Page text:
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Trace the lives of ancestors on Garam-trail

Metasequoia in Damyang trail (Photo: Korea Tourism Organization)

Easy and effective exercise, walking is attracting more and more people in Korea these days. Korean people want to release stress from work and maintain their health by walking on a peaceful trail. Reflecting the new travel trend, the Korean government is trying to create more walking trails for people. Among them are the Garam trails which are located around the four rivers: Han River, Geum River, Nakdong River, and Yeongsan River, where the history, culture, and natural beauty of Korea flourish.

The word ‘Garam’ means river in archaic Korean language. The rivers played an important role in the development of human life since villages formed around the rivers, allowin civilization to flourish in ancient times. That means walking on the Garam trails is not simply a means of exercise but a cultural and historical trip to trace back the paths of ancestors. There are currently 17 Garam trail routes in total, including four around Han River, three at Geum River, six at Nakdong River, and six around Yeongsan River and Seomjin River. Each route offers unique features.

The Damyang trail located around the upper Yeongsan River is 10.8 kilometers long. You can take in great views along the river and the trail which is shaded by the leaves from rows of trees on either side. The Damyang trail starts from Gwanbangjaerim, a forest designated as natural monument no. 366 due to its large amount of huge trees over 200 years old. The forest was created during the Joseon Dynasty to control the Damyang Stream flowing in from the top of the Yeongsan.

At the far end of the forest you can find the start of the Metasequoia trail, in which a number of movies and dramas have been shot. The trail affords different features in accordance with the seasons. The green leaves falling from the huge trees provide freshness during summer while the leaves are covered with white snow in winter. After crossing over Geumwol Bridge, the return route offers a view of the metasequoia trees and the river from the opposite side. Travelers can expect to encounter Juknokwon on the route where several kinds of bamboo have been planted in a forest over 165,000 square meters. There are various bamboo trails, each with a different theme, within the Juknokwon such as Great Fortune, Old Friendship, Everlasting Love, and so on. At the final destination, travelers can find streets of noodle restaurants at the end of the trail. Bamboo merchants used to eat the noodles there and the price is relatively cheap.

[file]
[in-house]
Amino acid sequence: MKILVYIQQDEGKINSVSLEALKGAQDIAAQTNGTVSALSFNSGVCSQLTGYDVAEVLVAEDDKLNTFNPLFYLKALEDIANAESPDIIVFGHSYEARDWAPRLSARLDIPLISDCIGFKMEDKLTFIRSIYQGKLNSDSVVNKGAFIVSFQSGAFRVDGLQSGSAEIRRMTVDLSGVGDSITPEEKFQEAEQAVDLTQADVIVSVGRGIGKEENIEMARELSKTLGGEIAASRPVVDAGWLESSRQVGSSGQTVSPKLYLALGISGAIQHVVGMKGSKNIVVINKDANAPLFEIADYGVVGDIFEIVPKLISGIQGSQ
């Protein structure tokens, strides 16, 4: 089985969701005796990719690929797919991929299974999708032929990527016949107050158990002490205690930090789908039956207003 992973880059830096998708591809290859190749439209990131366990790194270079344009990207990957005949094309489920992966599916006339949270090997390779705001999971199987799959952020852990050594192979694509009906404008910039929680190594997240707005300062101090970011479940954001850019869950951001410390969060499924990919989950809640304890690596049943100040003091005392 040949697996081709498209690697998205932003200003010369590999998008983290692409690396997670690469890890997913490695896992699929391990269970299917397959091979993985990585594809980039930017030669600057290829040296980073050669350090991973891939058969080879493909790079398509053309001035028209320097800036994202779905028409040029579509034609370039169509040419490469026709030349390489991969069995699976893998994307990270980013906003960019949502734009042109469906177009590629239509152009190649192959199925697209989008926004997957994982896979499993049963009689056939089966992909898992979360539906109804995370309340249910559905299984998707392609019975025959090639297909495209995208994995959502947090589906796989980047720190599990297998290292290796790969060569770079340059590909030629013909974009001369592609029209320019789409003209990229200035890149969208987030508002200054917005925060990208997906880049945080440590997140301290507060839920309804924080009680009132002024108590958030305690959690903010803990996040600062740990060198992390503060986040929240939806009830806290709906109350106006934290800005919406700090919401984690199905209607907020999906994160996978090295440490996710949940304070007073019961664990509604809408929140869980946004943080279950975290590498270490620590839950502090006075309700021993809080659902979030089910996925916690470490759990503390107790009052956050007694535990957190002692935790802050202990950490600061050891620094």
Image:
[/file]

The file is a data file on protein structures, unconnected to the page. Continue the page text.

Hweoryongpo located in Gyeongsang province (Photo: Korea Tourism Organization)

The Silver Sand trail in Gyeongsangbuk-do (Gyeongsang province) is unique in that the village is surrounded by the Naesung Stream which is a branch of the Nakdong River. The village neither looks like a complete island nor mainland. Hoeryongpo Village, designated national scenic beauty spot no. 16 in 2005, is called a small islet within land. The region became even more popular after the KBS program One Night and Two Days’ introduced it as a good place to travel. Biryong Mountain in the area tells a scary historic myth. During the Three Kingdoms era of Korea, there were frequent battles around the region. The fighting was so fierce that agonizing cries could be heard from down the hills on rainy days. The words Hoeryong and Biryong mean the “dragon going round the river to ascend to heaven.” The branch from the Nakdong River flowing in the curved lines and silver sand around the water makes the region a magnificent sight as well as a great opportunity to learn about the Korean history here.


By Lee Seung-ah
Korea.net Staff Writer

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